4. A transmission system which comprises, a plurality of spaced transmitters operating on the same carrier frequency, at least one receiver separated from said transmitters tuned to said carrier frequency, a source of signals, means for simultaneously supplying signals from said source to each of said transmitters, and network means in circuit relation with each of said transmitters, each of said networks being characterized by a truncated irregular frequency response, the truncated response of each of said networks being different from all others.

5. A transmission system as defined in claim 4 wherein said network means comprises, a linear transversal filter, means for selectively combining individually delayed output signals developed by said transversal filter according to a linear schedule of polarities, and means for selecting said schedule according to a different random pattern for each of said networks.

6. A transmission system as defined in claim 4 wherein said network comprises, a delay line equipped with a signal input terminal, a plurality of signal output terminals linearly spaced along its delay length, means for supplying signals from said source to said input terminal, and means for algebraically combining signals from said output terminals according to a random schedule of polarities, said random schedule differing for each of said networks.

7. A transmission system as defined in claim 6 wherein said means for algebraically combining said signals from said output terminals comprises, means for isolating signals from each output terminal from all others, means for combining signals scheduled for positive polarity to produce a first composite signal, means for combining signals scheduled for negative polarity, means for inverting the polarity of said combined signals scheduled for negative polarity to produce a second composite signal, and means for combining said first and said second composite signals to produce an output signal.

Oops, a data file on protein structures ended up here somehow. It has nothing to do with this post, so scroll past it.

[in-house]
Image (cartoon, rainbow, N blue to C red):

8. A diversity transmission system which comprises, a source of message signals, a transmitter station which includes a plurality of signal channels, means for simultaneously supplying a message signal to all of said signal channels, network means in each of said signal channels for processing applied message signals, each of said network means including a linear filter with a truncated symmetric impulse response, the truncated impulse response of each of said filters being selected in accordance with a prescribed different random schedule, means in each of said signal channels for modulating a carrier wave with signals developed by said processing means, means for generating and supplying the same carrier Wave to each of said modulating means, at least one receiver station spaced apart from said transmitter station and tuned to said carrier wave frequency, and detector means at said receiver station for recovering said message signal.